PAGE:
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In Euclidean plane geometry, a quadrilateral is a polygon with four sides (or 'edges') and four vertices or corners. Sometimes, the term quadrangle is used, by analogy with triangle, and sometimes tetragon for consistency with pentagon (5-sided), hexagon (6-sided) and so on. The word quadrilateral is made of the words quad (meaning "four") and lateral (meaning "of sides").

Quadrilaterals are simple (not self-intersecting) or complex (self-intersecting), also called crossed. Simple quadrilaterals are either convex or concave.

The interior angles of a simple quadrilateral add up to 360 degrees of arc. In a crossed quadrilateral, the interior angles on either side of the crossing add up to 720Â°.

All convex quadrilaterals tile the plane by repeated rotation around the midpoints of their edges.

A parallelogram is a quadrilateral with two pairs of parallel sides. Equivalent conditions are that opposite sides are of equal length; that opposite angles are equal; or that the diagonals bisect each other. Parallelograms also include the square, rectangle, rhombus and rhomboid.

• Rhombus or rhomb: all four sides are of equal length. Equivalent conditions are that opposite sides are parallel and opposite angles are equal, or that the diagonals perpendicularly bisect each other. An informal description is "a pushed-over square" (including a square).
• Rhomboid: a parallelogram in which adjacent sides are of unequal lengths and angles are oblique (not right angles). Informally: "a pushed-over rectangle with no right angles."
• Rectangle: all four angles are right angles. An equivalent condition is that the diagonals bisect each other and are equal in length. Informally: "a box or oblong" (including a square).
• Square (regular quadrilateral): all four sides are of equal length (equilateral), and all four angles are right angles. An equivalent condition is that opposite sides are parallel (a square is a parallelogram), that the diagonals perpendicularly bisect each other, and are of equal length. A quadrilateral is a square if and only if it is both a rhombus and a rectangle.
• Oblong: a term sometimes used to denote a rectangle which has unequal adjacent sides (i.e. a rectangle that is not a square).

A shape that is both a rhombus (four equal sides) and a rectangle (four equal angles) is a square (four equal sides and four equal angles).

• Kite: two pairs of adjacent sides are of equal length. This implies that one diagonal divides the kite into congruent triangles, and so the angles between the two pairs of equal sides are equal in measure. It also implies that the diagonals are perpendicular. (It is common, especially in the discussions on plane tessellations, to refer to the concave quadrilateral with these properties as a dart or arrowhead, with term kite being restricted to the convex shape.)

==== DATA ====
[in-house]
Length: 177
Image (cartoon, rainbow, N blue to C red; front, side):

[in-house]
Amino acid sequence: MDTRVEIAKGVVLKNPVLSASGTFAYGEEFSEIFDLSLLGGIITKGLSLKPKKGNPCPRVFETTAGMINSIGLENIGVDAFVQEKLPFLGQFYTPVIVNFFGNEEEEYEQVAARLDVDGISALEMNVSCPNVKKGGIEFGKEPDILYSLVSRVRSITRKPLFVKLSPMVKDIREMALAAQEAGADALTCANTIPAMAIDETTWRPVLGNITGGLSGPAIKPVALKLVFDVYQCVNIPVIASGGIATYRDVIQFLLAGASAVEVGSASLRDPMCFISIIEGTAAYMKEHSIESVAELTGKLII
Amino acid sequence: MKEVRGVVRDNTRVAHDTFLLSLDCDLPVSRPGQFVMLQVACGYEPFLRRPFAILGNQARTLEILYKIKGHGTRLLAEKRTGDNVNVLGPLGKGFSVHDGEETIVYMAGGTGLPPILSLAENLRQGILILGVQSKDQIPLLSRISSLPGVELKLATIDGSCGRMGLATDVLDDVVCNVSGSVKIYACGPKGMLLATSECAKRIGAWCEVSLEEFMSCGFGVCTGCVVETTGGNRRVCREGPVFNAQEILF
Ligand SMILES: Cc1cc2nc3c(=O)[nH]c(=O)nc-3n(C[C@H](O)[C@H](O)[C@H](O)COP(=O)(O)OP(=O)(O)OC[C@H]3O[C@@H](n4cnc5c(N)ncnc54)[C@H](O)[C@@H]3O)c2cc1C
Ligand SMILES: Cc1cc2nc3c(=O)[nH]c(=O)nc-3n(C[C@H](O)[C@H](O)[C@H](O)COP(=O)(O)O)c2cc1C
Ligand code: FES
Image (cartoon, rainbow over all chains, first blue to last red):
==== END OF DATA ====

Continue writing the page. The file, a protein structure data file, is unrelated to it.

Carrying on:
• Orthodiagonal quadrilateral: the diagonals cross at right angles.
• Trapezium (British English) or trapezoid (NAm.): one pair of opposite sides are parallel.
• Isosceles trapezium (Brit.) or isosceles trapezoid (NAm.): one pair of opposite sides are parallel and the base angles are equal in measure. This implies that the other two sides are of equal length, and that the diagonals are of equal length. An alternative definition is: "a quadrilateral with an axis of symmetry bisecting one pair of opposite sides".
• Trapezium (NAm.): no sides are parallel. (In British English this would be called an irregular quadrilateral, and was once called a trapezoid.)
• Cyclic quadrilateral: the four vertices lie on a circumscribed circle. A quadrilateral is cyclic if and only if opposite angles sum to 180Â°.
• Tangential quadrilateral: the four edges are tangential to an inscribed circle. Another term for a tangential polygon is inscriptible.
• Bicentric quadrilateral: both cyclic and tangential.

There are various general formulas for the area of a convex quadrilateral.

The area of a quadrilateral ABCD can be calculated using vectors. Let vectors AC and BD form the diagonals from A to C and from B to D. The area of the quadrilateral is then

\frac{1}{2} |{AC}\times{BD}|,

which is the magnitude of the cross product of vectors AC and BD. In two-dimensional Euclidean space, expressing vector AC as a free vector in Cartesian space equal to (x1,y1) and BD as (x2,y2), this can be rewritten as:

Question:1)Give the best name for the quadrilateral: a quadrilateral whose diagonals are both congruent and perpendicular 2) Fill in the blank with almost, sometimes, or never a) a rectangle that has perpendicular diagonals is _________a square b)A parallelogram that is not equilateral is __________ a rectangle

Answers:1) I don't know, but "square" isn't it. The quadrilateral with vertices (0,3), (2,0), (0,-1), (-2,0) has congruent, perpendicular diagonals--but it isn't a square. That example is a kite, but here's another example that isn't a kite: (-1,0), (0,-1), (3,0), (0,3). This one's an isosceles trapezoid. 2) a. Always: a rectangle is divided by its diagonals into four isosceles triangles, all with congruent legs. If they all have right angles at the vertex, then by SAS they are all congruent, giving us a square. b. Sometimes. A 1x2 rectangle shows that this happens at least sometimes; however, the parallelogram (0,0), (2,0), (3,1), (1,1) shows that this doesn't happen always.

Question:

Answers:A trapezoid comes to mind. Namely, an isosceles one. It's also possible to have a kite with congruent diagonals that isn't a parallelogram. Somebody else here said "a rectangle or a square". First of all, those are both examples of parallelograms. Second of all, a square IS a special case of a rectangle. "Rectangles" include any parallelograms with a right angle.